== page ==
Menu Sign In Contact FAQ
Welcome to our forums

Class Rating v. Type Rating

There is a big guessing game going on at the moment, concerning the way FAA requirements map (or don't map) onto EASA requirements, specifically for two types of interest: the PA46 (piston and TP) and the TBM.

This is relevant to Europe-based operators of these types, if N-reg, because after April 2014 they will apparently (i.e. on the strictest interpretation of EASA FCL and its use of "operator residence" etc) require the full EASA papers to fly these.

Under FAA rules, AIUI, you need a Type Rating if any of the following are true

  • over 12500lb (5700kg)
  • turboJET
  • the manufacturer or the FAA require a TR
  • multi-pilot (?)

So you can fly a PA46 or PA46TP or a TBM on a PPL or PPL/IR, with some CFI signoffs and training as required by the insurer.

Under EASA rules, it's variable. The PA46 has historically required a TR, but the TBM did not; it needs a TBM-specific Class Rating. From my article which was carefully checked by Socata, under Pilot Qualifications, I have

In EASA-land, no Type Rating is required but there is a Class Rating called: "Aerospatiale S.E.T." (the name will soon be changed to "Aerospatiale TBM").
The Class rating is valid for 2 years and it is mandatory to pass a Class Rating proficiency check to renew the Class Rating every 2 years. This Class Rating can be done by a Class Rating Instructor (CRI); it is not mandatory to do it in a Flight Training Organisation (FTO) but in reality very few CRIs are qualified to do it. After the training, the Check Ride will be done by a Class Rating Examiner (CRE).
JAA prerequisites are: PPL, CPL or ATPL, and an "HPA" (High Performance Airplane") course certificate. The "HPA" course must be done in a Flight Training Organisation (FTO) and, depending on which EU country you do it in, involves a few days in a classroom followed by one written exam. There are two alternatives to the HPA: (1) Any ICAO ATPL; (2) JAR-FCL ATPL exam passes (14 written exams).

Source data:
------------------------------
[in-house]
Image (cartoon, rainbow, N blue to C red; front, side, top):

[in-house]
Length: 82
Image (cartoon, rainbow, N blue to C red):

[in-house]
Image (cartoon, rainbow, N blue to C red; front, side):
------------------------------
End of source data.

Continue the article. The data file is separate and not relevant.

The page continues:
It is not clear what pilot papers will be required under EASA FCL to operate an N-reg TBM after April 2014 if the operator is EU based. It appears clear that an EASA PPL and an EASA medical will be needed. For obvious practical purposes an EASA IR will also be needed.

But EASA also requires an HPA for any of these, apparently.

One route to the EASA HPA appears to be an FAA ATP theory exam pass. To get this, you need

  • an FAA CPL
  • a visit to Farnborough, UK (Flight Safety) and sit the FAA ATP exam

which by implication needs at least an FAA PPL and an FAA Class 3 medical (Class 1 not needed because you won't be exercising the CPL privileges).

Can anyone illuminate this any further?

There is a number of people looking at this issue now, with obvious concern.

It would also affect me if I ever moved up to a Jetprop. Currently, I have bought myself the full "EASA insurance package" in the form of a JAA IR, on top of a renewed JAA PPL and Class 1 medical. But this is "obviously" good for sub-PA46 stuff only.

It's bizzare that EASA mandates all this crap, when you can fly a C421 on an ME PPL with nothing more than a differences training with an instructor, which has essentially the same capability as a Jetprop (and some would say more e.g. carries a lot more weight).

Shoreham EGKA, United Kingdom

It is a complete mess and hopefully there is some sort of cooperation agreement reached which will simplify. The fact that for the next two years I can technically do hundreds of hours in the PA-46 in European airspace up to FL250 but then will apparently not be safe unless I am supervised by EASA is absurd.

EGTK Oxford

Hmmm... EASA has not managed any kind of bilateral agreement on FCL (flight crew licensing) with the FAA, whatsoever, to date.

There has been a huge amount of talk, including EASA officials using the "FCL BASA" card to get the Transport Committee to back EASA FCL in the crucial vote, but I see absolutely zero evidence that anything is actually coming.